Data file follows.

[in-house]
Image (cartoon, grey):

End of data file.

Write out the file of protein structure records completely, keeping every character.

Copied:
[in-house]
Image (cartoon, grey):